Modeling After the Master

By Dennis Turner, Director of Leadership Development

As a pastor-with-no-church, this is the first December in 20 years that I will not be preaching a series of messages on the incarnation or on the stories of angels, shepherds, Magi, or the unlikely parents setting out for Bethlehem. I won’t be leading Christmas pageants, cantatas, or candlelight services. However, what I do get to look forward to is visiting churches and simply worshiping the newborn King.

This Advent season I want to follow in Jesus’ footsteps. Our Master has modeled for us how to live like Him to reach spiritually lost people. Some call this incarnational ministry. There are thoughtful reasons why that term is probably not the most useful. In the Central District, we speak of ‘missional living.’ I challenge you to engage in missional living THIS Christmas.

As I look back on my pastoral ministry, I was preoccupied with Christmas “for-the-church.” Although I invited many unsaved neighbors and friends to our services, most never came. Those who did, I was not able to interact with because I was too busy leading the services and events. I didn’t practice what I wanted our people to practice. Will you? Pray that the Lord would open doors for you and your congregation to introduce people to the Savior this Christmas! Jesus modeled this for us.

First: “The Word became flesh and made his dwelling among us…” (John 1:14). For you and me, our homes and everyday lives are the best place to show and share Christ.

Missional Idea #1: “Christmas Gatherings” Years ago, this was a district-wide strategy of using our homes to share Christ with unbelievers. How it works: Christians invite non-Christian friends to their homes for refreshments. The host has everyone share personal Christmas/holiday traditions as a mixer. The host then reads part of the biblical Christmas story and gives a brief reflection about its meaning. Pick a date and time, and send invitations to your lost neighbors and friends, making sure the invitation outlines what will happen (no bait and switch allowed).

Second: “For you know the grace of our Lord Jesus Christ, that though He was rich, yet for your sake He became poor, so that you through His poverty might become rich.” (2 Corinthians 8:9). Many of us struggle with spending (wasting?) money on more stuff that we don’t need. Some non-Christians feel the same way.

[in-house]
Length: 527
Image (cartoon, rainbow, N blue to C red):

Missional Idea #2: “Simple Christmas” Invite non-Christian friends to join you in financially supporting a worthy cause and buying less stuff for yourselves. Consider serving somewhere together on or around Christmas Day. Make sure to share your motive from this lesser-known Christmas verse, 2 Corinthians 8:9.

For ideas on supporting a worthy cause, consider places that are taking care of “the least of these” - the abused or the displaced. Make sure the charity is not simply a place for handouts, but places that are making a deeper impact. This requires some research. Many in the Alliance have significant contacts for this.

Third: “Therefore, since the children share in flesh and blood, He Himself likewise also partook of the same, that through death He might render powerless him who had the power of death, that is, the devil.” (Hebrews 2:14). Jesus came not only to save us from sin, but to free us from the effects of the enemy. Only Jesus can render Satan powerless, but we can pray that Jesus would do so for others.

Missional Idea #3: “The Gift of Prayer” Instead of caroling, go praying. Pick a neighborhood, a street, or apartment complex, etc. Prepare a simple, usable gift (hot chocolate packs, wrapping paper, etc.; not just a gospel tract). Gather your family or a few Christian friends, knock on doors, wish people a “Merry Christmas,” offer the gift, share that you are a church group and simply want to know how you could pray for them. They may close the door in your face. If so, go in peace. If they share something, ask if ONE of you could pray right then. If they give you permission, do so briefly. This could lead to deeper conversations or ongoing relationship.

These are the kinds of things ‘healthy churches’ do at Christmas. Because I am not actively pastoring in a church, God is giving me perspective I’ve never had before. I look back on my ministry and realize how much of Christmas I spent on myself, my family, and my church.

My challenge to myself and to you is to actually introduce people to the Savior more than we invite them to our services.